The foundation of the city of Moscow dates from 1147, although it only became Russias capital in the 15th century - and from the 17th to the 19th century the capital transferred to St Petersburg, until Lenin once again transferred the government to Moscow after the 1917 October Revolution. This huge city surprises visitors with its history as much as its size and it welcomes everyone and above all opens their eyes to another world.
Begin your route at the Theater square (Treatralnaya), which contains the Youth Theater, the famous Theater of Opera and the Moscow Ballet, the Bolshoi, and the Maly Dramatic Theater . A few steps away is the vast Red Square where you can see Lenins Mausoleum, the Museum of History, the Grand State Warehouses (GUM), the Cathedral of Saint Basilio and the Monument to Two Heroes of the Proletariat Fight. And by all means, the Kremlin, that architectonic seat of old strength from which the main governmental institutions still reign. Within the enclosure, six centuries are represented in the architecture of the museums: the Cathedral of Asuncion (the most important temple of Russia); the Church of the Mantle of the Virgin; the Cathedral of the Announcement (the private temple of the czars); and the Cathedral of Michael the Archangel - a veritable pantheon of the great princes and czars of Russia. It is also possible to visit the Palace of the Patriarch and the Church of the Twelve Apostles, the Museum of Applied Arts, the Great Palace, and the Armory.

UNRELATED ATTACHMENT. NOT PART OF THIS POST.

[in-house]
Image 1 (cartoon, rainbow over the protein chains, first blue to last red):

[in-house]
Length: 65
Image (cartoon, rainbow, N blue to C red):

After exiting the Kremlin, take a walk along the embankments of the Moscova River until you see a beautiful building in Russian Classical style - the State Library. Nearby you can admire the main Orthodox temple of Moscow, the majestic Cathedral of Christ the Savior. Circling the Kremlin, you arrive at the main street of Moscow, Tverskaya; cross it and you encounter the House of Parliament, the National Hotel, the Yermólova Theater, the Telegraph Building, the Mossoviet building, and the Seat of Pushkin.
Finally, visit the underground palace by taking the Moscow metro and admiring the decoration and architecture of its stations. Each one commemorates historical events of the country using marble, semi-precious stones, bronze, etc., while many are adorned with stained glass windows, mosaics or sculptures. Dont miss the stations of Arbatskaya, Mayakóvskaya, Kíyevskaya, Belorrúskaya and Novoslabódskaya.